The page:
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Successful family businesses have a healthy balance of vision, responsibility and dynamism – within both the family and the company.
So, in our podcast series, we’re focusing on a range of major topics that concern the family entrepreneurs of today and tomorrow: family office and asset planning, family governance, value structure, successor planning, digitalisation, innovation and much more.
Together with experts from a range of industries, we tackle important issues and offer new perspectives as well as far-sighted answers – from behind the microphone.
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New taxation rules, which have been adapted to the international standard, entered into force in Switzerland on 1 January 2020. The fifth episode of our Family Business Stories is dedicated to the effects and opportunities arising from this tax reform. We explain why international multi-corporations with the previous tax regimes are not the only companies that should pay attention to the new provisions. Step-up with grandfathering rules or replacement measures like the patent box or research and development deduction can also be attractive for family offices with subsidiaries operating in Switzerland, Swiss family businesses and SMEs.
In the fourth episode of our Family Business Stories, we take a look at future-proof structures for the family office. Complexity surrounding international assets is growing, regulatory pressure and the pressure to disclose are on the rise and COVID-19 is limiting the scope for movement and action. We recommend that family offices and asset owners rethink their (sometimes traditional) structures, streamline them where necessary and establish their hubs in countries where they can demonstrate substance that is sustainable and fiscally acceptable.
In the third episode we take a look at the governance and operational organisation of a family office. The family has to decide who is the owner, shareholder and final decision-maker. In most cases, it pays off to set up an Investment Council. And selecting the family officer is just as important, as they act as the contact person and trusted partner, and run the family office. The family officer usually specialises in certain asset classes and must understand their scope of action. The family and the family officer need to exchange views regularly and clarify how the costs are passed on to the users of the family office.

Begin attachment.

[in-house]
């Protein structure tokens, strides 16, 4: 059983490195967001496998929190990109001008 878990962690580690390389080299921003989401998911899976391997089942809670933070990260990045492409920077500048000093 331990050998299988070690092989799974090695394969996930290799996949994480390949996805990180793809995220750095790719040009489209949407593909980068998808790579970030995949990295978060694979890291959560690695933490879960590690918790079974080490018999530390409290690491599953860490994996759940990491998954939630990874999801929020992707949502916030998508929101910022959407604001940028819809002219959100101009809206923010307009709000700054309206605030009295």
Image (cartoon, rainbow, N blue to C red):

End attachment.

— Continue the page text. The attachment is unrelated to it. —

The second episode is dedicated to the strategic principles for setting up a single family office. This includes the vision for the family assets, as well as goals, values and room for manoeuvre. The various duties, such as asset accounting, controlling, reporting, regulation of successor issues and community engagement, are derived from the strategy. This then leads on to operational decisions like choosing a location, personnel, compensation model, budget and network. We also pay special attention to harmonising company, family and private assets as well as the associated interests.
In this episode, we talk about setting up a family office with the aim of structuring family assets in a sensible manner, exploiting cost and value creation advantages and avoiding conflicts of interest. We discuss the differences between a single-family office, a closed multi-family office and a commercial multi-family office. We also explain what type of family office is appropriate depending on the volume of assets and how to find a suitable family officer.